Skagerak’s iconic Cutter collection started with this Bauhaus-inspired bench, originally devised for an exhibition called “Walk the Plank.” Designed by Niels Hvass, it has his hallmark precision in the scale of the geometric frame and the finely spaced slatted seat. The bench is the base for all of the collection’s storage pieces or it functions beautifully on its own—indoors or even outside in the weather-resistant teak version.
17.1" h x 47.6" w x 15.7" d (43.5x121x40cm)
Teak or oak
- Teak version suitable for indoor and outdoor use
- Manufactured according to highest standards for social and environmental considerations according to B Corp Certification + Amfori’s Business Social Compliance Initiative requirements.
- About 71% of wood in total production is FSC-Certified
“It's important that each of us think of sustainability in our everyday lives,” says Vibeke Panduro, who along with husband Jesper founded Danish brand Skagerak in 1976. “Invest in furniture that you absolutely love and eventually can pass on to the next generation.” She’s her own best example, recently furnishing a home with pieces some of which were 50 years old and juxtaposed with a new dining table from one of the company’s designers, Chris Liljenberg Halstrøm. Sustainability runs deep in the veins of the family-owned company, along with a timeless aesthetic rooted in the Scandinavian heritage and skilled craftmanship.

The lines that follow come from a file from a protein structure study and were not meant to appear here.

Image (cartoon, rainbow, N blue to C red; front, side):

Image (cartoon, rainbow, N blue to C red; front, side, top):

The offerings include a wide range of indoor and outdoor furniture, beautifully pared-down lighting and a number of natural wood décor and kitchen accessories, all produced from responsibly sourced timber and as an ethically conscious B Corp. Skagerak’s name is inspired by the strait connecting Denmark with Sweden and Norway, also called Skagerrak (with two Rs). “We like to think of ourselves as similar to the strait: forever the same—unchangeable—yet always on the move and presented in new ways,” Vibeke says. “Constantly mixing state-of-the-art ideas and methods with longstanding knowhow and virtues deeply embedded in the Nordic culture.”